Sound Advice: Mephistopheles, by Matron
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Sound Advice: Mephistopheles, by Matron

Sometimes judging a record by its album art is the best idea in the universe.

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So let’s get this out of the way: this record features the most amazing album cover we have seen in a long time. Women being devoured by ghouls? Meh. Dragons? Boring. But a fire-breathing unicorn with a gigantic, erect penis, surrounded by armoured and undead warrior-corns, skeletal soldiers, and snake eyeballs? We are officially sold. You should all buy this record. Case closed.

What? What do you mean we have to review what it sounds like? There is a fire-breathing wang-i-corn on the cover. That is the only relevant information that needs to be imparted here.

Okay, fine. We’ll talk about the damn record. If you insist.

“Do you remember the first time your thoughts were turned to evil things?” With this quote from the 1971 British horror flick The Devils, Mephistopheles begins. It’s the fourth full-length in two years from ambient black metal and psychedelic rock solo artist Matron, who plays nearly all the instruments on the record (banjo, berimbau, and backing vocals being the exceptions).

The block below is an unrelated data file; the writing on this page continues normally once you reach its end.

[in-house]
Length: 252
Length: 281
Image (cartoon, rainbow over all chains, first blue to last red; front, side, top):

There are some problems beneath the record’s proud, blazing exterior. Mephistopheles is incredibly uneven, featuring entire tracks of soft keyboard interludes, folk instrumentals, or, in one memorable case, a combination of burbling vocals, trumpet, acoustic guitar, and a tolling bell. Many of these tracks are essentially aural experiments, and while they produce occasionally interesting results, most run too long.

But the thing is, when Mephistopheles just settles down and acts like a black metal record, it produces some good results. The opening track, “A Looming Dark Presence,” is a freaky, fractal landscape, while “Falsehood Plasterer” is a towering wall of well-structured aggression. If only Mephistopheles were half the length, it would be a lot stronger.

But who cares what it sounds like? Come for the wang-i-corn, stay—maybe—for the black metal.

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